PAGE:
8. Robert Jungk, Brighter than a Thousand Suns: the Moral and Political History of the Atomic Scientists, translated by James Cleugh (London: Victor Gollancz, 1958), p. 241.
9. Some other presentations to which this analysis of Barnet may be applied are Sidney Lens, op. cit. note 2; Dave Noble, The War and Peace Book (London: Writers and Readers Publishing Cooperative, 1977); 'Disarmament action guide', Coalition for a New Foreign and Military Policy, Fall-winter 1977-78; 'The arms race', leaflet produced by the Australian Peace Liaison Committee.
10. Robert Cooney and Helen Michalowski (eds.), The Power of the People: Active Nonviolence in the United States (Culver City, California: Peace Press, 1977). See also the enormous bibliography in this book.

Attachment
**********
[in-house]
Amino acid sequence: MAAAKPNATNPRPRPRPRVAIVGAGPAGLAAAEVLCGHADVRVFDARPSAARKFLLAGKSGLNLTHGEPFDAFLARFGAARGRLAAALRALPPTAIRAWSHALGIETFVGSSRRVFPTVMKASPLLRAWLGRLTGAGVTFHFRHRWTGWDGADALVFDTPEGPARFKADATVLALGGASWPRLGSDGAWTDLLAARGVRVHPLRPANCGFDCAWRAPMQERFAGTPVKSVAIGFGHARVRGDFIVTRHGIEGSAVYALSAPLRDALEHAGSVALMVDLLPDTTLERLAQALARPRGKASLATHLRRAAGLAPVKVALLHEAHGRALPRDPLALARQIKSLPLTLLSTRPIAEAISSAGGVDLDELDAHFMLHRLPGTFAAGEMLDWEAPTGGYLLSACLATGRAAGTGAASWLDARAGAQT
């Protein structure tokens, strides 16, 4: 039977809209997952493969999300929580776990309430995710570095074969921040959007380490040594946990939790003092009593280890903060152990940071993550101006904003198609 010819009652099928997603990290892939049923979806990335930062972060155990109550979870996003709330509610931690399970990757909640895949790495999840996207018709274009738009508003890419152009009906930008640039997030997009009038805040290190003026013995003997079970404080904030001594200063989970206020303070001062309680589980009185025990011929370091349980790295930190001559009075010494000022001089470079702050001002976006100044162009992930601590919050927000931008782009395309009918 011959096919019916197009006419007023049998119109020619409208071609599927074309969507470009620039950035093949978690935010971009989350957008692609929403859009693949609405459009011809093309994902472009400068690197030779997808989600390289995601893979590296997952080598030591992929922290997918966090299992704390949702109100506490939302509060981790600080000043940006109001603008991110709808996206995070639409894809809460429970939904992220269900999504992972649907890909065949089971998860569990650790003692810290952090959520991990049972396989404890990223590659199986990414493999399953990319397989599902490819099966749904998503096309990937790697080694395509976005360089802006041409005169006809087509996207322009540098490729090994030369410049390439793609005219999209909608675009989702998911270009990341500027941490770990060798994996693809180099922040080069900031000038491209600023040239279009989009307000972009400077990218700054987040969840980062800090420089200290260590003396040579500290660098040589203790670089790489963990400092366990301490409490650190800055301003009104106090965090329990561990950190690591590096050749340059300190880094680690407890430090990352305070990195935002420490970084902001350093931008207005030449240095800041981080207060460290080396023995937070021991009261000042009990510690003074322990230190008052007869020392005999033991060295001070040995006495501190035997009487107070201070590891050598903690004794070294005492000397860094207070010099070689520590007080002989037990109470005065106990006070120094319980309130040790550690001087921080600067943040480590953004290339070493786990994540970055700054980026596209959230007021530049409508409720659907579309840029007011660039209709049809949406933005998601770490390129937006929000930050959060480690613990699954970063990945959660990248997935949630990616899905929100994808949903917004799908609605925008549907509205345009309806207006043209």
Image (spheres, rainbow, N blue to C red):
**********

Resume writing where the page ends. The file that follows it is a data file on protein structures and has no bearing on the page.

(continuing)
11. They are also aimed at the participants themselves, promoting greater understanding and solidarity and providing valuable experience and evidence for planning further efforts.
12. Herbert Marcuse, One Dimensional Man (London: Routledge and Kegan Paul, 1964).
13. Stephen King-Hall, Defence In the Nuclear Age (London: Victor Gollancz, 1958); American Friends Service Committee, In Place of War: an Inquiry into Nonviolent National Defense (New York: Grossman, 1967); Adam Roberts (ed.), The Strategy of Civilian Defence: Non-violent Resistance to Aggression (London: Faber and Faber, 1967); Gene Sharp, Exploring Nonviolent Alternatives (Boston: Porter Sargent, 1970); George Lakey, Strategy for a Living Revolution (New York: Grossman, 1973), chapter 8; Susanne Gowan et al., Moving toward a New Society (Philadelphia: New Society Press, 1976), chapter 10; Anders Boserup and Andrew Mack, War Without Weapons: Non-violence in National Defence (London: Frances Pinter, 1974).